Advice and tips on applications, college success, finding scholarships and more.
By Anne Vaccaro Brady
Your college freshman has probably been on campus for at least a week, or your high school senior may just be starting classes, depending upon where you live. Whatever your situation, I’ve found articles and posts that should assist you with parenting as you navigate this transitional period in your life. Time for you to learn something new today.
Taking on the role of college parent Amy Joyce provides nine tips on how to be a good college parent in her article for the Washington Post.
Check out my post on “Emptying the Nest, One College Freshman at a Time,” for more advice.
Making applications go smoothly Brian Witte provides five time-saving tips for college applications in his post on U.S. News & World Report’s Education blog. A little organization and some sleep go a long way to facilitating the process.
Check out my post on this topic as well, where I detail how to make the application process easier on everyone in your family.
Finding success at college There are three things that can really help your child succeed in college and Joshua F. Jacobs shares them in his post on USA Today College.
Richard Perez-Pena of the New York Times shares the initial results of a study by Kelly A. Hogan of the University of North Carolina at Chapel Hill on how more active participation by students in college courses results in better grades, particularly for those who are black or first-generation. The improved outcomes are seen in courses based less on lectures and more on interaction in the classroom and reading outside of class. If you think your child would benefit from this type of class structure, seek out colleges that offer more courses like these, which can even be found at big universities with large class sizes.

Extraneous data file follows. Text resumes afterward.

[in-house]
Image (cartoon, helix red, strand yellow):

In his article for the New York Times’ Upshot, Kevin Carey examines the challenges young adults face because of a lack of learning during their undergrad years. A study entitled “Academically Adrift” and its follow-up, “Aspiring Adults Adrift,” conclude that colleges are failing to adequately educate their students, and often don’t demand enough of them. They also show that students who put in extra time studying and take courses in which more is expected of them, find more success than their peers after graduation. Just another reason to encourage your college student to work hard and take challenging courses.
Giving your daughter access to a career in computer science Bianna Golodryga of Yahoo News explores Square’s College Code Camp, designed specifically for female college students interested in computer programming, developed by Twitter co-founder and Square CEO Jack Dorsey. If you’re daughter shows any interest in this field, begin researching this camp, and others, to help her navigate her way in this male-dominated, in-demand, well-paying career field.
Keeping a lid on application costs College application fees can be as high as $90 at some elite universities. But at least 25 of the schools on Forbes’ top college list charge no fee. Susan Adams highlights them in her article.
Making room for more college students Stanford University plans to increase its undergraduate enrollment, according to an article by Nick Anderson in the Washington Post. With more high school seniors applying to college than ever, it makes sense that elite colleges and universities will need to make room for more students. Let’s hope this is the start of a trend.
Helping with the college search Parents should assist their children in figuring out where to go to college, and Daniel R. Porterfield gives tips on how to do that without being overbearing in his article for Forbes.
Searching for college scholarships Regular readers of this blog know I am a big advocate of borrowing as little as possible to pay for college. But where do you find the money when your family just doesn’t have enough saved to cover the high cost of college today? Jodi Okun provides practical advice on where and how to look for scholarships in her post on About Money.
Getting answers to your burning college admissions questions Jeannie Borin addresses some of the nagging questions students and parents have about the college application process in her post on Huff Post College blog.
Share comments and any articles you’ve found helpful in the comments section below.